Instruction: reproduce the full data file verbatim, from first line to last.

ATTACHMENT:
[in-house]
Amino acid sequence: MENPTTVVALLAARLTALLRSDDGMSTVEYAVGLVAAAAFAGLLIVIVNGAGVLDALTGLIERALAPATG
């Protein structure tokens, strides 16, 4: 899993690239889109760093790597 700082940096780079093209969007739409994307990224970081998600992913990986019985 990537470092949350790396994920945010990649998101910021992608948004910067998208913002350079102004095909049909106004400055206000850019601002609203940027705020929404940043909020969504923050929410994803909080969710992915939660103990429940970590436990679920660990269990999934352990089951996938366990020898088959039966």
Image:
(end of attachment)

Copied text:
[in-house]
Amino acid sequence: MENPTTVVALLAARLTALLRSDDGMSTVEYAVGLVAAAAFAGLLIVIVNGAGVLDALTGLIERALAPATG
């Protein structure tokens, strides 16, 4: 899993690239889109760093790597 700082940096780079093209969007739409994307990224970081998600992913990986019985 990537470092949350790396994920945010990649998101910021992608948004910067998208913002350079102004095909049909106004400055206000850019601002609203940027705020929404940043909020969504923050929410994803909080969710992915939660103990429940970590436990679920660990269990999934352990089951996938366990020898088959039966």
Image: